Self-reported surveys were conducted across several grades by Mrs. Saliba's classes. 

Much to the delight of the observers and teachers, substance abuse-- specifically drug use--- was low to nearly non existent. 

Unfortunately, the problem still persists in some sectors of the student body, with a small, but nevertheless significant portion of students stating their drug use to be some level of "high." Understanding this data allows us to more pragmatically assess the circumstances and provide those students with effective steps toward recovery. 

  Cigarette smoking kills more than 480,000 Americans each year, with more than 41,000 of these deaths from exposure to secondhand smoke. In addition, smoking-related illness in the United States costs more than $300 billion a year, including nearly $170 billion in direct medical care for adults and $156 billion in lost productivity. In 2014, an estimated 16.8% (40.0 million) U.S. adults were current* cigarette smokers. Of these, 76.8% (30.7 million) smoked every day, and 23.2% (9.3 million) smoked some days.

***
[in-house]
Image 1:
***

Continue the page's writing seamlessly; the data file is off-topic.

Several research studies were conducted by Mrs. Saliba's mathematics classes. In conducting this research, several discoveries were made. To the left is a button with the compilation of all the data collected by students in the Digital Arts and Technology Academy; it provides great insight on the effects of drug addiction both close to home and around the United States.  

In terms of financial toll, nearly $200 billion were spent to treat drug addicts in the United States-- a staggering number on all accounts. 

Street Drugs Data

Peer Pressure - Sadrac, Karen, Sebastian
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